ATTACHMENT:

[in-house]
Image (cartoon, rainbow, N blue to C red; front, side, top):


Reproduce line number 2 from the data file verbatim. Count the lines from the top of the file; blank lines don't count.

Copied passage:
Image (cartoon, rainbow, N blue to C red; front, side, top):